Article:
Cabinet has also decided that there will be a review process for all of the SOEs, together with the relevant Cabinet colleagues, to decide whether they still have a purpose, whether they operate as effectively as they can do, whether they duplicate some of their functions, and whether there can be greater efficiency in the way they operate. Minister Hogan and I, amongst others, are responsible for initiating this process.

We also agree with colleagues that greater productivity is required from the Public Service. Here again, we have to emphasise that we have to do more with less. Once again, some of our colleagues have come back to the question of corruption, and are equivocating. Corruption cannot by qualified. I think we must be quite unequivocal and quite unqualified about the necessity to root it out. Now, there are all sorts of ifs and buts that all of us can put forward. The one message we need to be absolutely categorical and unequivocal about is that it is not going to be tolerated in any form, anywhere, by anybody, on any side of this House. [Applause.] That is the message that we need to get through.

We agree with Dr Rabie, for example, that we want to get the right balance between welfare and work, between those who are supported by social grants and the tax base that they actually depend upon. That is why, over the next while, we are going to have a lot more emphasis on enterprise creation, entrepreneurship and job creation, so that we can actually widen our tax base and have, not just for the purposes of supplying more grants to people but rather to ensure that people have the dignity of their own income and the ability to make decisions about their own welfare, on the basis of what they get. A wider tax base will also enable us, as government and as society, to take on many more challenges that we have, in respect of both our legacy and our future challenges.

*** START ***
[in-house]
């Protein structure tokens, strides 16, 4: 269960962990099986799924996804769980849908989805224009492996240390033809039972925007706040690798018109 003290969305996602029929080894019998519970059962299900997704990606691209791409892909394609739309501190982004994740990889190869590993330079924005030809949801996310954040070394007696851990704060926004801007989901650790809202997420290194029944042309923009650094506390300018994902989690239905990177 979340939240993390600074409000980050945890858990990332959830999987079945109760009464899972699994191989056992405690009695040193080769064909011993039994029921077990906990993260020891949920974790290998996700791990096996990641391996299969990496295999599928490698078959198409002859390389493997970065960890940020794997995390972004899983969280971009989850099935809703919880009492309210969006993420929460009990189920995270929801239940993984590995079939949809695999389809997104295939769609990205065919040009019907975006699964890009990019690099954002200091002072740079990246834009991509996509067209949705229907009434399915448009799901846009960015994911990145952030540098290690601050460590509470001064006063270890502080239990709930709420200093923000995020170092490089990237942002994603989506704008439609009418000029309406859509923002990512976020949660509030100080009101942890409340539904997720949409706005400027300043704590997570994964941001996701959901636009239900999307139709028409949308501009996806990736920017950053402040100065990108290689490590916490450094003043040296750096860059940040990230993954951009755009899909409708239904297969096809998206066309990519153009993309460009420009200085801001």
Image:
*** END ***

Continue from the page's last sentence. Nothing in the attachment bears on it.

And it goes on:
So, let me thank everyone concerned for their contributions and for their positive support of the Adjustments Appropriation Bill. Thank you. [Applause.]

Debate concluded.

Bill read a first time.




(Consideration of Votes and Schedule)

The HOUSE CHAIRPERSON (Mr K O BAPELA): The proceedings will initially take the form of a question and answer session. I shall put each Vote in respect of which adjustments have been made in turn, whereupon members will have the opportunity to ask questions to the relevant Ministers, in respect of these adjustments. Each party has been allocated a global time for all Votes. Once a party's time has expired, they will not be allowed to put further questions. Members must please press the request to speak button, if they wish to ask a question. Hon members will please wait until I recognise them before putting their questions.

Discussion on Votes and Schedule concluded.



Vote No 1 – Presidency - put.